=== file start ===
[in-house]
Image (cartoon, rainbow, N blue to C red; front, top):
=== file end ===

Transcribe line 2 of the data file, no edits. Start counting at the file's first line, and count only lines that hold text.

Image (cartoon, rainbow, N blue to C red; front, top):